Thursday, December 27, 2007

Idea Exchange

Learning languages is more exciting and effective for children when games and interactive activities are incorporated. As a teacher, I have always been of the mindset that sharing and exhanging teaching tips makes things fresh and exciting. When I come up with a new lesson or game that is effective, I can't wait to tell others about it!

In the language program that I run, I create and implement all of the lessons and activities for the students ranging in age from 18 months to adults. They cover a multitude of topics and themes, and I am always creating and searching for other fun ways to teach the language. Here are some of my favorite activities that work well in class and at home with my own children:

1. Colored Mats/Dancing: I use the mats from the CandyLand DVD game and play upbeat music. When the music stops, we all run to a colored mat. I ask " Qué color?". The kids all shout the color in Spanish. We do variations of dancing, marching, jumping, spinning, running, crawling,etc.

2. Duck, Duck, Goose: I choose 2 vocabulary words pertaining to our current theme. ( ex: perro/gato). The kids play the game using the Spanish vocabulary rather than the original. This is a great way to get the kids active and actually say the words aloud.

3. Latin Pop Music: this works best with tweens-adults. I choose a popular song from a popular artist ( some of my faves are Juanes, Ricky Martin, Shakira, Gloria Estefan, Elvis Crespo, etc). I make copies of the song and we listen and sing it each day. We talk about relevent grammar and vocabulary. At the end of the week, I white out specific words in the song and test the students by having them fill in the blanks. Not only is this an excellent reinforcement of pronunciation, fluency, and listening comprehension, it is a great way to infuse some culture into the lesson.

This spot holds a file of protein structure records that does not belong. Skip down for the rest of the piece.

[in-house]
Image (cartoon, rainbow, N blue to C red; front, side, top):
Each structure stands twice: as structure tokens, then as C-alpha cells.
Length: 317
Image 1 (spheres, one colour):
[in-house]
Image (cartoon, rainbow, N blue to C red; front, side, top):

4. The Cup Game: take 5 or 6 plain white plastic cups. Depending on the vocabulary you want to reinforce, attach either a picture or word to each cup ( animals, numbers, colors, etc). Turn all cups face down and hide a small object under one. Kids then have to guess where the object is. I always make a big deal of having all of the students ask the question " Dónde está el carro?". Then each child takes turns and has to guess by using the correct Spanish word on each cup. I use variations of this game for all ages and levels.

These are just a few fun ideas that have been popular with the children and teens that I work with. We would love to hear your input and experiences! Do you have any games or ideas that work well with your children at home?